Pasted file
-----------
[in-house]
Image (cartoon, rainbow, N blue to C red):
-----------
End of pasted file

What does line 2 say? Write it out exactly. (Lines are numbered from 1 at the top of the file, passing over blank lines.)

Image (cartoon, rainbow, N blue to C red):